One piece of mystery is, you're going along and you're a creditor of a bank and your instrument falls at say Seniority N in the bank's massive capital structure. To start, you're pretty sure everyone of Seniority A (most senior overnight secured guaranteed deposit whatevers) to Seniority Z (most junior perpetual subordinated deferrable quasi-equity nonsense) is going to get all of their money back. But then facts change and Z is underwater, and then Y is underwater, and you're like "wait, will this stop before it reaches me?" And you can't really ask anyone, least of all the bank. And if you could know for certain that it would stop at Seniority Q and you'd be fine, then you'd sleep well at night and not freak out when X and W and V get wiped out. But you can't know that. And if Seniority O does become impaired, it's probably too late for you - you'll be hosed already, because what are the odds it'll get to Seniority O but no further?

So what you want when you're negotiating to buy the Seniority N thing in the first place is a provision that lets you get out - at par - well before you are hosed. And maybe "well before" means when Seniority P is impaired, but maybe it means "as soon as someone looks at Seniority Z funny." And maybe you've read the EU discussion paper and think "hmm, I see the problem with demanding my money in a way that forces a fire sale," but then your lawyer is like "well, we can negotiate this contract to trigger whenever debt that is pari passu with you defaults, but that means that any time it does trigger you lose money - or we can put the trigger all the way over at Seniority Z, and then if that triggers there's probably still enough money to go around," and you are seduced by his law degree, and getting off a sinking ship earlier seems better than getting off later, and you think "yes, I would like to get back par as soon as anyone is impaired, that would be safer for me," and then all of a sudden that thing happens where there's a fire sale and ooh Lehman-AIG-MF-Global and your pleasant little secured claim is blown up.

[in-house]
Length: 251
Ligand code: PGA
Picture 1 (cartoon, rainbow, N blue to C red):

This is not entirely fixable. US bankruptcy law has lots of clever attempts to fix it, like bans on ipso facto clauses* and clawbacks of preferential transfers, but there are also clever ways around those fixes. Similarly you can bet that the secured or short-dated creditors of European banks will want to ... well, take it away EU discussion paper:

All necessary measures should be taken to prevent institutions from including in the contractual terms of an excluded liability any termination right that is exercisable as a result of the application of the debt write-down tool to the institution or an affiliated entity.

Any provision of the contractual terms of an excluded liability that purports to confer termination rights in contravention with what has been mentioned before should be void.